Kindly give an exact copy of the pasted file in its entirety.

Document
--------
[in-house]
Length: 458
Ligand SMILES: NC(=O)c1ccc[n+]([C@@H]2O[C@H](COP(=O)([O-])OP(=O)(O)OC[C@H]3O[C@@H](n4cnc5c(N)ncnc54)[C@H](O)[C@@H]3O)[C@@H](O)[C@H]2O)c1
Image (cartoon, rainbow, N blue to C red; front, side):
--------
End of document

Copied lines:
[in-house]
Length: 458
Ligand SMILES: NC(=O)c1ccc[n+]([C@@H]2O[C@H](COP(=O)([O-])OP(=O)(O)OC[C@H]3O[C@@H](n4cnc5c(N)ncnc54)[C@H](O)[C@@H]3O)[C@@H](O)[C@H]2O)c1
Image (cartoon, rainbow, N blue to C red; front, side):